Aetolia


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Aetolia

(ētōl`yə), region of ancient Greece, N of the Gulf of Corinth and the Gulf of Calydon, E of the Achelous River (separating it from Acarnania). Little is known of the early population of Aetolia, but later Aetolians, though they had coastal cities, were primarily an inland farming and pastoral people. They had famous shrines at Calydon (to Artemis) and at Thermum (to Apollo).

Aetolia

 

an ancient region in central Greece that was inhabited by Aetolian tribes. Aetolia was one of the most backward regions of the country, as it was surrounded and dissected by mountains and was also distant from the main cultural centers. It rose to political importance around the middle of the third century B.C., however, when the Aetolian League expanded beyond the boundaries of Aetolia; the federation included a number of poléis in northern and central Greece and the Peloponnesus. Aetolia was conquered by Rome in 189 B.C.

Aetolia

a mountainous region forming (with the region of Acarnania) a department of W central Greece, north of the Gulf of Patras: a powerful federal state in the 3rd century bc. Chief city: Missolonghi. Pop. (with Acarnania): 219 092 (2001). Area: 5461 sq. km (2108 sq. miles)
References in periodicals archive ?
It is safe to assume that Callimachus (and later Aristophanes) did not act alone in completing this enormous task, and while we know little about the administrative structure of the Library's administration, it is not unreasonable to think that Callimachus was aided by a variety of "assistant" and "associate" librarians serving as "subject specialists." These subordinate librarians have equal claim to being true scholars as the Head Librarians did (e.g., Lycophron and Alexander of Aetolia).
The one that took travellers to western Greece and the region of Mesologgi involved crossing from Patra to Aetolia, to Ioannina, then onto Athens.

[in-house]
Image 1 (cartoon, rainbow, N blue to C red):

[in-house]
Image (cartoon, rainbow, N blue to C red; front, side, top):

322-323; Demetrios's marriage, according to them, "was clearly bound to lead to a breach with Aetolia."
The striking difference in this case is that Pausanias three times refers to Aetolia or Aetolians: for Xenophon these are Achaeans.
Greek poet of Pleuron, in Aetolia. He was appointed by Ptolemy II Philadelphus, Macedonian king of Egypt, to arrange and catalog the tragedies in the library at Alexandria.
Certainly the late 190s seem an appropriate time for Plautus' production of a play that addresses Aetolia and Carthage in often surprisingly agreeable language.
The name Niceas is not uncommon in the Peloponnese and, across the Corinthian Gulf, in Aetolia and West Locris: cf.
Among his lost works are Aetolica, a prose history of Aetolia; Heteroeumena, a mythological epic used by Ovid in the Metamorphoses; and Georgica and Melissourgica, of which considerable fragments are preserved.
In alliance with the neighbouring Acarnanians they ravaged the island; but the city held out, and Demosthenes, |persuaded' by Messenians from Naupactus to undertake the more ambitious project of subduing Aetolia (3.94.3),(5) refused to join in a blockade.
Popilius Laenas; commissioner for founding a Latin colony (180), and later excused from duties as praetor of Sardinia (176); as ambassador to Aetolia (central Greece) (174-173) he was unable to reconcile the quarreling factions; elected consul and appointed proconsul for Liguria, he defeated the Statelliates and then mistreated them afterward, creating a scandalous precedent for arrogant behavior; when the Senate attempted to reverse his actions, he defied Senatorial authority until compelled to return to Rome for trial; censured by the Senate, he contrived to escape prosecution (173-172); served as military tribune under the consul Q.